Eduvation Blog

COVID’s Spring Wave

Good morning, and happy Monday!

Apparently, today’s the day to appreciate Weeds, Black Forest Cake, or just “Something on a Stick.”

But it’s also been 4 weeks since my last Monday “Pandemic Précis” (see “Pandemic Twilight” from Feb 28), and I thought I should turn my attention back to COVID19, at least long enough to ensure that nothing new is going on…

Viral Evolution

The virus that causes COVID19 has been evolving at an incredible rate over the past 2 years, and we’ve known for some time that new variants would continue to arise…

Here Comes Stealth Omicron

The BA.2 subvariant of Omicron is even more contagious than BA.1, and is driving a “critical” new pandemic wave in Europe. Case counts, hospitalizations and deaths were startling this month in a dozen countries, including Germany, Britain, France, and the Netherlands. Many US experts are bracing for a similar pattern to follow there shortly; currently BA.2 accounts for up to 70% of new infections nationally. Here in Canada, BA.2 is driving the majority of cases in Quebec and Alberta.

…and Deltacron

Four countries (including France, Denmark, the Netherlands and the US) have reported a recombinant “Deltacron” variant that seems to combine Delta AY.4 and Omicron BA.1. (French researchers explain it combines “the near full-length spike gene of an Omicron BA.1 variant in a Delta AY.4 lineage backbone,” if that helps explain it.) So far there are few cases, and no evidence that Deltacron is more contagious or more virulent than previous strains.  Newsweek

Global Inequality

The northern hemisphere is joyfully welcoming springtime weather and an end to the traditional cold and flu season, but in some parts of the globe the forecast is less sunny…

Hong Kong Goes Critical

In early March, Hong Kong went from pandemic success story to COVID19’s global epicentre, with “the highest covid death rate in the developed world” – 2,300 deaths in mere weeks, including the elderly and the unvaxxed, but also toddlers and children too young to be vaccinated. Hospitals, morgues and funeral homes were overwhelmed, largely because Omicron BA.2 found a complacent population in which fewer than 20% of the elderly and at-risk were fully vaxxed, and almost none had acquired natural immunity through exposure. Hong Kong’s “COVID zero” approaches simply weren’t prepared for BA.2’s rapid airborne spread. With thousands of new cases daily, authorities had no other option than to quarantine patients at home – which were often crowded apartments shared with roommates.  Washington Post  |  Vox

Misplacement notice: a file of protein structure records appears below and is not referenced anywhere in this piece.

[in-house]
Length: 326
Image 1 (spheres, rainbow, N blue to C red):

“In Hong Kong, people didn’t believe it would occur. People did not believe the health care system would collapse… No matter how good it is right now in terms of the pandemic, I can only say that COVID can just catch you by surprise.”Kelvin To, microbiologist, U of Hong Kong

Lockdowns in China

By mid-March, China was reporting thousands of locally-transmitted cases in dozens of mainland cities – the country’s biggest outbreak in 2 years, fuelled by the BA.2 subvariant. China completely locked down 9.5M residents in Changchun and Yucheng, and 17.5M in Shenzhen. All residents were subjected to 3 rounds of mass testing, after which offices and factories were allowed to restart operations last week.  CBC  |  CityNews  |  Reuters


“Winter Jabs” in Australia

As the southern hemisphere heads into cold and flu season, Australian health minister Greg Hunt has announced second boosters (4th shots) of COVID19 vaccine for adults aged 65+, Indigenous Australians aged 50+, the severely immunocompromised aged 16+, and the residents of long term care homes. The “winter jabs” will be available starting Apr 4. Cases in New South Wales are expected to double in the next 6 weeks thanks to the BA.2 subvariant.  The Guardian


Just the Tip of the Iceberg

The WHO reports that globally, COVID19 cases have started to rise again – while many countries have decreased their testing, too, meaning “the cases we’re seeing are just the tip of the iceberg.” New infections jumped 8% last week, in the first rise since late January. The biggest surges have been in China, South Korea, and Africa.  Reuters


Lasting Inequities